> lake Michigan,
    > > N 42d06'8, W 86d29'5, with his Astra sextant and my TS
    > (pocket sextant).
    > > We made 7 series of 3-5 observations each of Sun and
    > Venus altitudes over
    > > the lake
    > > from a jetty, approximate height of the eye 12 ft.
    > >
    > > The weather was sunny and warm (80 degrees F by Bill's
    > thermometer).
    > > The horizon looked very sharp, though there was a lot
    > of glare under the
    > > Sun.
    > > We took a great care in determination of the Index
    > error (from the Sun, from
    > > the horizon and from a remote roof), in the beginning
    > and in the middle of
    > > observations. Our determinations varied between 0 and
    > 0'.5, but most were
    > > less than 0'2.
    > > Astra had a perceptible side error (about 1/5 of the
    > Sun SD).
    > > In the following
    > > I do not correct for the Index or side error.
    > >
    > > My TS has zero Index error to the best of
    > > my knowledge. I had excellent results with this pocket
    > sextant which I
    > > posted on the list in the past.
    > > We observed Sun (lower limb) and Venus altitudes,
    > corrected for
    > > the height of the eye, semidiameter and refraction, and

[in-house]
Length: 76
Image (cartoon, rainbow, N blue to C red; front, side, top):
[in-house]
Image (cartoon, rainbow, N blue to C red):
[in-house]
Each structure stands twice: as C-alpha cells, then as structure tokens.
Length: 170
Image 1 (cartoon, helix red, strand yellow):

> compared the results
    > > with computed altitudes.
    > > By the "error" I mean the observed and corrected
    > altitude minus the computed
    > > altitude.
    > >
    > > GMT 21:34, Astra, Sun. Errors: -11'5, -14'2, -9'9,
    > -9'2, -6'3
    > > (Aver.-10.2,SD=2.6)
    > > GMT 21:46, Asrra, Sun. Errors: -9'9, -10'5, -10'6,
    > -10'5, -10'5 (Bill)
    > > (Aver.-10.4,SD=0'25)
    > > GMT 21:54, Astra, Sun. Errors: -11'1, -12'2, -8'7
    > > (Aver.-10.66,SD=1'5)
    > > GMT 22:38, Astra, Sun. Errors: -11'4, -8'4, -9'7,
    > -10'5, -9'5, -10'3
    > > (Aver.-10.0, SD=0'9)
    > > GMT 23:46, Astra, Venus. Errors: -9'7, -10'0, -9'4,
    > -12'3, -11'4
    > > (Aver.=-10.6, SD=1.1)
    > > Sun set in the middle of this observation.
    > > GMT 23:58, Astra, Venus. Errors: -6'3
    > >
    > > Now pocket sextant observations (w/o telescope)
    > > GMT 22:14, TS, Sun. Errors: -11.3, -13.8, -10.8, -13.7,
    > -13.4
    > > (Aver.=-12.6, SD=1'3)
    > > GMT 00:03 (March 18) TS, Venus. Errors: -11'0, -9'8,
    > -7'8.
    > >
    > > Can anyone propose any plausible explanation of these
    > enormous NEGATIVE
    > > systematic errors? I never had anything of this
    > magnitude before.
    > > And as you see, they are pretty stable, about 10-11
    > minutes.
    > > I understand there can be a dark strip on the water,
    > mistaken for the
    > > horizon. But this will lead to POSITIVE errors
    > (overshots). Refraction which
    > > DECREASES the apparent altitude???
    > > We are talking of the errors about 1/3 of the diameter
    > of the Sun!
    > > What could possibly cause this?
    > >
    > > Alex.
    > > P.S. Bill promises to find the water temperature of
    > water on this day,
    > > but it is really
    > > hard to believe in this kind of abnormal refraction.
    > >
    > >
    > >